“We made friends with Bob Delacey, a former park ranger and his wife Michelle who ran a small animal sanctuary just outside the Joshua Tree National Park,” said Dean. “They had some land they kindly let us use so we are able to live in the Airstream every time we return to California.

“And it’s wonderful in so many ways. The silence in the desert is like no other. It is so still and dry you can hear your heart beating.

“The plants and the wildlife are amazing too and there is no place I love more. I can really understand why the desert has attracted so many musicians such as Gram Parsons, Townes Van Zandt, Calexico, even the Rolling Stones, because it is beautiful, wild, scary and dramatic.

“Like me, all these great musicians have found something in the desert that helps them create music.

“Some people like to go to church but the desert is very much like a church to me. I go there for spiritual guidance, for inspiration, for peace and calm and it’s also a place I can mourn for family and friends I’ve lost over the years.

“The desert offers me so much and I always want more.”

While the desert can be uplifting, it can be fierce as well and Dean and his family were caught up in a wildfire and were warned that they might have to evacuate their Airstream as the desert blaze raged just a few miles away.

“We were safe but watching the flames and smoke, even at a distance, was scary to witness, though I did get a song out of it called Dolina.”

Its lyrics include the lines: “Remember the night we looked for snakes and watched the desert burn / Waited for all hell to escape and the violence to return.”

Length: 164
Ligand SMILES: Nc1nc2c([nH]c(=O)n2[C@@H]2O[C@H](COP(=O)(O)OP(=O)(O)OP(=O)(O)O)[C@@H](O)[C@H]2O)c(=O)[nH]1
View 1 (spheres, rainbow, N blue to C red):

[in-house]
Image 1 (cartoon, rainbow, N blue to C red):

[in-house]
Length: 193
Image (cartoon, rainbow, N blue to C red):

While he was glued to John Wayne films such as Rio Bravo and The Searchers plus spaghetti westerns as a young boy, Dean has since developed an interest in the history of the indigenous people of America.

“We weren’t told the true story in those old cowboy and Indians films, where the Indian was always the bad guy,” said award-winner Dean, whose latest album, Sinner’s Shrine, is released later this month.

And, like the Desert Trilogy of EPs he brought out in 2021, the effect of the desert on his songs is palpable with mariachi flourishes and bursts of Ennio Morricone-inspired whistling.

The opening track on Sinner’s Shrine is called Arizona and the third New Mexico, two of his beloved desert states. Another, La Lomita – which means “little hill”– is about a church that sits on the border between the US and Mexico and has offered sanctuary to desperate migrants over the years. It was threatened to be bulldozed to make way for Donald Trump’s wall.

The songs on Sinner’s Shrine – recorded with members of the band Calexico – show he is not only intoxicated by the sounds and moods of the desert but reveal how much they have touched his heart.

“The new songs cover themes of love and lust, sinners and saints, the displaced, and the wanderers, while the border ghosts run through them as well,” he said.

“Because of the pandemic there were delays so to see Sinner’s Shrine finally getting its release into the world is a very special moment for me.

“Working with the guys from Calexico on this record in Tucson was a magical time, a time before lockdown and the pandemic.

“We recorded it out in the land of the Sonoran Desert and it almost feels like it’s been buried in the sand for the past eighteen months or so. It’s time now to brush away that sand and share with everyone.”

Dean has dedicated the record, his eighth solo album, to “all those who have lost their lives trying to cross the US/Mexico border in search of a better life.”

Sinner’s Shrine by Dean Owens is a released by Eel Pie Records UK on Feb 18 and will feature in a special album of the week programme on Celtic Music Radio on Saturday.